Bride of Frankenstein (1935)

Elsa Lanchester plays Bride of Frankenstein in the 1935 gothic horror film of the same name. One of the most popular sequels ever made, Bride of Frankenstein has did well where all excellent sequels excel and also intensified one of the most special facets of the first film into something even bigger and even bolder. Makeup artist Jack Pierce kept the quirkiness of his initial style for the monster and produced an equally memorable companion for him. Paired with the success of Bela Lugosi’s Dracula performance and also Whale’s adaptation of The Invisible Man, the director’s Frankenstein films have been a major part of Universal’s output.


Rebecca (1940)

Rebecca is a movie psychological thriller 1940 American Alfred Hitchcock. It was Hitchcock’s first American work, as well as his first film under contract to producer David O. Selznick. The film’s screenplay by Robert E. Sherwood and Joan Harrison, and also the adaptation by Philip MacDonald and Michael Hogan, were based on the 1938 story of the same name by Daphne du Maurier.


The Spiral Staircase (1946)

Those who have a passion for gothic horror films will surely love Richard Siodmak’s screen adaptation of the novel Some Must Watch by Ethel Lina White. It is a well-crafted gothic mystery film that was a breakthrough success. The black-gloved girl killer’s pursuit would never be seen until the 1960s, and the focus on the killer glaring at his victims comes astonishingly close to the innovative POV design that birthed the slasher category in films like Halloween.

Dracula (1958)

Dracula is a 1958 British gothic horror film directed by Terence Fisher and written by Jimmy Sangster based on the 1897 story of the same name by Bram Stoker. The first in the Hammer Horror film franchise to star Christopher Lee as Count Dracula, the film also stars Peter Cushing as Dr. Van Helsing, as well as Michael Gough, Melissa Stribling, Carol Marsh and John Van Eyssen. In the United States, the film was retitled Horror of Dracula to avoid complications with Universal Pictures’ previous US film Dracula from 1931.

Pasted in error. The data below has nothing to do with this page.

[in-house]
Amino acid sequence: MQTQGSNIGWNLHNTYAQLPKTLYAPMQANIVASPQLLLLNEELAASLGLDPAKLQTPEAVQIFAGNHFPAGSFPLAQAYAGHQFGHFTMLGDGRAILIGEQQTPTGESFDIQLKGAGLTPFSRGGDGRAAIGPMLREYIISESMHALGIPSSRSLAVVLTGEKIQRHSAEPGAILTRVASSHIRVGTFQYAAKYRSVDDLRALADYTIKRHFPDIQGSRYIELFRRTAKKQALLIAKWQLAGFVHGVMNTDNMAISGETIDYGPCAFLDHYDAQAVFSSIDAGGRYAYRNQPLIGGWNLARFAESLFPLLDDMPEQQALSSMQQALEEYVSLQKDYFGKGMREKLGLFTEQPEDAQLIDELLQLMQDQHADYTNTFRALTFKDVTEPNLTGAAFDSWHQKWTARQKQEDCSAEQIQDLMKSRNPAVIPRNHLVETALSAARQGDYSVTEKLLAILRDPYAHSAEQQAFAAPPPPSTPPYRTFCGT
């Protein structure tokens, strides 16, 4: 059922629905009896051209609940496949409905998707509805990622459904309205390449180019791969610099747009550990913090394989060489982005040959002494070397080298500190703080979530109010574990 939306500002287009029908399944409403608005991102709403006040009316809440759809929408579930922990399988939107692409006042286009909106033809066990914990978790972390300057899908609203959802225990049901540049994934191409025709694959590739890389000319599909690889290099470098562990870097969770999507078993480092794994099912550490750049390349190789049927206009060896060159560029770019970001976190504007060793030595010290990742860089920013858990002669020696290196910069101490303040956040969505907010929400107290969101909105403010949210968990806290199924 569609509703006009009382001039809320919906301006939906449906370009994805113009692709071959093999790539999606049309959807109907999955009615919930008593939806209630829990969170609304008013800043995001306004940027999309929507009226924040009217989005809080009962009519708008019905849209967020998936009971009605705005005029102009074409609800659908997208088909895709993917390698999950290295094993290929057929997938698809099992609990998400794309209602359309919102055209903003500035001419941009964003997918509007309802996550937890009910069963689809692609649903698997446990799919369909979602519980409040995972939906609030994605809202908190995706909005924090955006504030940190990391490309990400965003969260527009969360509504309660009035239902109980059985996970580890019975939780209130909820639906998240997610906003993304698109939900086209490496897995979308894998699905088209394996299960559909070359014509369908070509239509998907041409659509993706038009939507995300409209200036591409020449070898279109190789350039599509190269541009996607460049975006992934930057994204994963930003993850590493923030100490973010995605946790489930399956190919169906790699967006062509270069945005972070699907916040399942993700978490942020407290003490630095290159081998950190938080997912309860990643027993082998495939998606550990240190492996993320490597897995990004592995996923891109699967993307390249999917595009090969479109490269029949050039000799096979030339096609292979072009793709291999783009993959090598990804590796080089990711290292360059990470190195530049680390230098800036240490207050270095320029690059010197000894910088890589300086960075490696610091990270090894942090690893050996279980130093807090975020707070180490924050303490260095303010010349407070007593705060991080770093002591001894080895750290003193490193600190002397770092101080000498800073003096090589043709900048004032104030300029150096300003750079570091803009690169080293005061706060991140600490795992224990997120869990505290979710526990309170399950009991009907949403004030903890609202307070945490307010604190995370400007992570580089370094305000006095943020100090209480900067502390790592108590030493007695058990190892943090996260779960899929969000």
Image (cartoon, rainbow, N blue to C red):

House Of Usher (1960)

)gothic horror film from 1960 by Roger Corman, adapted from a series of short stories by Edgar Allan Poe in the 1960s in what became known as the director’s “Poe cycle”. It is the film that set the tone for the rest of the Poe film adaptations that followed. Starring Vincent Price as Roderick Usher, Mark Damon as Phillip Winthrop, and Myrna Fahey as Madeline Usher, the film brings to the screen one of the best gothic scares Poe ever created. The cinematography and script of the film reinforce the feelings of fear and make this film one cult classic.

The Pit and the Pendulum (1961)

It’s a 1961 horror film directed by Roger Corman, starring Vincent Price, Barbara Steele, John Kerr and Luana Anders. Richard Matheson’s screenplay for the film was loosely based on Edgar Allan Poe’s 1842 short story of the same name. Set in sixteenth-century Spain, the tale concerns a young Englishman who goes to a forbidden castle to investigate the mysterious death of his sister. After a series of horrific discoveries, terrible deaths and supernatural events, the boy must face his brother-in-law.


The Innocents (1961) 

A gothic movie that takes fear to the next level is the arthouse film by Jack Clayton. This gothic movie uses black and white cinematography to an eerie level where viewers are left wondering what lurks in the dark. Adapted from the Henry James novella The Turn of the Screw, the film is co-written by Truman Capote, best known for his novel In Cold Blood. Dealing with the themes of repressed sexuality and perversion, the film plays with the power of cinema and with several specific components of its language: this makes it a timeless classic. 

The Haunting (1963)